The Hunt for Safe Technologies
When I first began conducting interviews for this blog post, I asked occupational therapists, physical therapists, rehab specialists, visiting nurses, in-home care nurses, orthopedic surgeons — anybody I could talk to! — about bathroom safety, and how we could make bathrooms safer for seniors and those with mobility challenges. Not one of them ever mentioned to me the fact that there are safe bathing technologies, walk-in bathtubs or transition tubs that could be installed to make bathrooms much more accommodating. It was not until after my mom had passed and my father was facing a double hip replacement that I began to research further. As I related earlier, my father was told that after the double hip replacement it was possible he would not be able to live independently anymore. The doctor calmly told him that he possibly wouldn’t be able to get around without a walker, might not be able to drive, and possibly wouldn’t be able to live independently in his home. The doctor matter-of-factly encouraged Dad to plan for those outcomes. Like many other seniors faced with potential restrictions to their activities of daily living (ADLs), what my father heard was not “possibly,” but “definitely”—he was going to be forced into a nursing home. This devastated him, and he called me to defiantly pronounce that he would never willingly go into a nursing home. His reaction was based on the fact that he had been traumatized by what had happened to my mom. He had seen firsthand the physical, emotional, and financial toll of her injury and his role as primary caregiver. His quality of life had been terrible. He was helpless to save Mom from her misery in that nursing home, and was adamant that he did not intend to follow her into that situation. At the same time, he made it equally clear that he had no intention of moving in with either me or my sister. His blunt conclusion: “I intend to stay in this home. I do not want to move anywhere. When my soul leaves this earth, I want my body to go through that front door, and it is your job, George, to help me make sure that happens!” Well, obviously, I got it. It made perfect sense to me that this is what my dad wanted, and it makes perfect sense that I’m going to want the same thing for myself. He lives in the home my mother was born in. He raised his family there. His church is a half a block down the street. His hometown, his friends, his familiar life patterns, his memories—all are right there in that house. So I busied myself trying to figure out how to keep my dad safe at home. In the process, I began to discover knowledge that I never knew existed. I didn’t know about walk-in bathtubs, transition tubs, or safe bathing appliances prior to doing the research in order to help my father out. I didn’t know that the bathroom was inherently dangerous and that I could have prevented my mom’s injury. So many of us are in the dark, not aware of the technologies that can enable us to live safely and independently in our own homes for life.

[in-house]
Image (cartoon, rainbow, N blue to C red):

Stay tuned for the next installment of our blog, in which I talk about how the process of denial stops us from making the right decisions for ourselves and our loved ones, particularly where safe bathing technologies are concerned.